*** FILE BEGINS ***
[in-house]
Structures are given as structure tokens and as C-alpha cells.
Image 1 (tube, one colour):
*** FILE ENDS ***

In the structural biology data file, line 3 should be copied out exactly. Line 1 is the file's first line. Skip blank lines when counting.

Image 1 (tube, one colour):